Despite the negative tests in Northland, residents and business owners remain concerned the next outbreak could be imminent.
Ruakaka resident Graeme Johnson reported for testing at the raceway.
He's relieved to know of the close contact's negative results - but is not convinced it's all over.
"They need to be ready because this could happen again," he says.
He wants New Zealand better protected from places like the US and UK - including by suspending flights from those regions.
Dina, who's just reopened the Ruakaka General Store, a place the infected woman visited, agrees.
"Everyone is bringing it in from overseas, just jeopardising every New Zealander that's living here," she says.
Health officials aren't keen on that idea - but agree we need to stay vigilant.
"There are encouraging signs in Northland so far, but the situation is evolving and we aren't breathing out just yet," says Director-General of Health Dr Ashley Bloomfield.
Northland's COVID scare started with a failure at a managed isolation hotel and the COVID-19 Response Minister has indicated tweaks to the rules may be needed.
"We are looking at the end of stay protocols and whether there should be changes there," Chris Hipkins says.
But Otago Uni epidemiologist Professor Michael Baker says we should act with more urgency. And there's a simple first step - he's calling for an extra mandatory week of home quarantine for all those leaving isolation hotels.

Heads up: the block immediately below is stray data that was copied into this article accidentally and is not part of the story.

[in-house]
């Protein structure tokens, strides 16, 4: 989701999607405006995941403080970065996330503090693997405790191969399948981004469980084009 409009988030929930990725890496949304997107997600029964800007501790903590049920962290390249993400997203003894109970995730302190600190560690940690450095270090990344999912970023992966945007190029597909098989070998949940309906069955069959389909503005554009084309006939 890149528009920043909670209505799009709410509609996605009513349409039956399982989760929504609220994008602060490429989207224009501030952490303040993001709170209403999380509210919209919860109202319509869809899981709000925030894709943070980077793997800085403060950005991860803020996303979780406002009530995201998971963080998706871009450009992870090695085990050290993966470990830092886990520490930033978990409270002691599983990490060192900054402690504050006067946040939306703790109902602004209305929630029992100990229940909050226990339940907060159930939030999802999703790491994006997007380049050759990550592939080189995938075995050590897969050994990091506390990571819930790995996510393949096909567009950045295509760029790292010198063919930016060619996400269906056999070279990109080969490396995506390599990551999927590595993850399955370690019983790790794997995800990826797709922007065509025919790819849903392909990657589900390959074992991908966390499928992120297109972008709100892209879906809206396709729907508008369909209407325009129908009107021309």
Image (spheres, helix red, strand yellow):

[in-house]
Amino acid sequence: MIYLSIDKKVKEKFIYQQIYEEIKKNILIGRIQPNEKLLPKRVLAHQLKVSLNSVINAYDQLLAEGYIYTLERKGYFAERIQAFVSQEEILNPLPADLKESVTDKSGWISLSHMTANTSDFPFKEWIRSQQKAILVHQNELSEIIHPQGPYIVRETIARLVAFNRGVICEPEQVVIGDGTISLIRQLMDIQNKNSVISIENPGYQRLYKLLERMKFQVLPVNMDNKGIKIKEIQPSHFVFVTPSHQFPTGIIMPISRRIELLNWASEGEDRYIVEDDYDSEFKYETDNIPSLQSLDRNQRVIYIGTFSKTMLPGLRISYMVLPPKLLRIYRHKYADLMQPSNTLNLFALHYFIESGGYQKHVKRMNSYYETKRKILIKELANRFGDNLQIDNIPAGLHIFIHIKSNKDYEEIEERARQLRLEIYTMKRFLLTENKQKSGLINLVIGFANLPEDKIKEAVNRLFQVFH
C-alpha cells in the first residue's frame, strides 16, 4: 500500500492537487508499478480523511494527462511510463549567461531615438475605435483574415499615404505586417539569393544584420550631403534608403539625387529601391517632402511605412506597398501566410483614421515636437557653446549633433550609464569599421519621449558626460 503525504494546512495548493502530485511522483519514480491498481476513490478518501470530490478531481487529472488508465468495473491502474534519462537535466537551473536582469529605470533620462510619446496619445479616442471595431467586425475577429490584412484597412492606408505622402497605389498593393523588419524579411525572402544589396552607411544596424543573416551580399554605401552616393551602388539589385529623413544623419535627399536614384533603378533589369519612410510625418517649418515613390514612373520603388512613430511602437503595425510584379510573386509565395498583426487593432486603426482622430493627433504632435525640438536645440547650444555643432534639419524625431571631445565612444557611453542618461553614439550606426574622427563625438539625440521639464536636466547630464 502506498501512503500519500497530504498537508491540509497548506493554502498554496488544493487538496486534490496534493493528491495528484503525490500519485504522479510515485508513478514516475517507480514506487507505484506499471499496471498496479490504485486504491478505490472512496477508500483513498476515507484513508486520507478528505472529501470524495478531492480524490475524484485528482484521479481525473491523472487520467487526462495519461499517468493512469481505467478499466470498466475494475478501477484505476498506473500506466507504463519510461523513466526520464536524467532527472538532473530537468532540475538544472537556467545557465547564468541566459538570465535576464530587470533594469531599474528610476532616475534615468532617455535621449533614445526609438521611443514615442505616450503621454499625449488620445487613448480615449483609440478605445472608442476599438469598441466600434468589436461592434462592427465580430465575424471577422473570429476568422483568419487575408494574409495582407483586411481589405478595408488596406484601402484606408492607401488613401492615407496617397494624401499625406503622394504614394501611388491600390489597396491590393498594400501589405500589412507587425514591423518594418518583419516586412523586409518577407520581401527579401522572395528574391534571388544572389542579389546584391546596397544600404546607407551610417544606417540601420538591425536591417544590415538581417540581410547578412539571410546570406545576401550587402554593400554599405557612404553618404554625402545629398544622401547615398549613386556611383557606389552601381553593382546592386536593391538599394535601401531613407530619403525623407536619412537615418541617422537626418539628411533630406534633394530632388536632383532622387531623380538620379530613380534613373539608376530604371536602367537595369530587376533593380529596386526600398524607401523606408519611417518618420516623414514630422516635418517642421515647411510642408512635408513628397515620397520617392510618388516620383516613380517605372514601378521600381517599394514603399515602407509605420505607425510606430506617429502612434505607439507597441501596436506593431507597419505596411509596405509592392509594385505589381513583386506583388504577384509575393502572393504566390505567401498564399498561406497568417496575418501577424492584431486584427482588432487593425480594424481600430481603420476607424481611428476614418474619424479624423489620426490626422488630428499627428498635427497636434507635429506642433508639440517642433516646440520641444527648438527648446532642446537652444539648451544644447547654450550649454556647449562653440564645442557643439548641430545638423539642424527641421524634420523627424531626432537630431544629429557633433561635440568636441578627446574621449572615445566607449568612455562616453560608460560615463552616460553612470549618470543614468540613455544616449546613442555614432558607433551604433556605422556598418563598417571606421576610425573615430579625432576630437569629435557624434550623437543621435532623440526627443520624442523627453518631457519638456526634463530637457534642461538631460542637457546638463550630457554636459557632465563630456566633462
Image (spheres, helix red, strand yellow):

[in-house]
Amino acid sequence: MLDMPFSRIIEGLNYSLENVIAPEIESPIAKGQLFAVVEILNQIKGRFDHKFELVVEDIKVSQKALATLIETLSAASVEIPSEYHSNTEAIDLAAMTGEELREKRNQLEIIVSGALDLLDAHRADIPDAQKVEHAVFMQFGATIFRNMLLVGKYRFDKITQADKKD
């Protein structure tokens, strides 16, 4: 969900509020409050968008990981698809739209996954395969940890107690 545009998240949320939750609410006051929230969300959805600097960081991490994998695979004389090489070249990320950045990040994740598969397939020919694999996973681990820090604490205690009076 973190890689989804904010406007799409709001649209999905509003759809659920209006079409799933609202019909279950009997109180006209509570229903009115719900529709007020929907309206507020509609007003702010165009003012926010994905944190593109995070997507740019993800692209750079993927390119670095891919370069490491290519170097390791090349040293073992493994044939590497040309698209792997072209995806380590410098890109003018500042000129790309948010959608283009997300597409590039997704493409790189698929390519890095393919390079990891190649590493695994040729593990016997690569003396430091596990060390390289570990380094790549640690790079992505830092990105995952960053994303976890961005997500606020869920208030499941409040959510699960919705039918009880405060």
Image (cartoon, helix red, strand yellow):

"I think we could take a lot more proactive approach and act like you could be infectious and stay at home for that week."
He also wants those returning to limit social gatherings and get extra rapid tests before getting on the plane.
"I think the goal has to be we have no infected people touching down in NZ," he adds.
Health workers didn't have to deal with traffic chaos on Wednesday - only a few turned up for tests.
Counties Manukau DHB public health nurse Fonoifafo McFarland-Seumanu is one of the nurses brought up from Auckland to help.
"We are feeling very blessed to be here and help in this situation. We did a lot of work with COVID up in Auckland so we're happy we can help the nurses here in Whangarei," she says.
And for businesses shut after being visited by the infected woman - normality is returning.
The local butcher closed for a day and staff did a deep-clean. All of the staff were tested and produced negative results - and so it's back to business.
But this has been a week of immense anxiety and delays for Northlanders and health authorities know they need to do better.
"I don't think it's acceptable if people have to wait hours if it's hot and in a car and need access to bathroom facilities - so we are looking at ways we can get support from others," Dr Bloomfield says.
"For example, it might be the Civil Defence team or police to help with the management of those queues."
A more concerted effort - critical to avoid a repeat of the scenes that played out earlier this week.